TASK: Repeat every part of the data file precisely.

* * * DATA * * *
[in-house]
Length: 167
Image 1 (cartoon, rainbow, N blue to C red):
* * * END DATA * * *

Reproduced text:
[in-house]
Length: 167
Image 1 (cartoon, rainbow, N blue to C red):